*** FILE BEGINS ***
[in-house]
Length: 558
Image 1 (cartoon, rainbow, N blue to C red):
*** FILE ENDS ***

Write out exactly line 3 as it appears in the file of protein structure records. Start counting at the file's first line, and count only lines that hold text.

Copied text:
Image 1 (cartoon, rainbow, N blue to C red):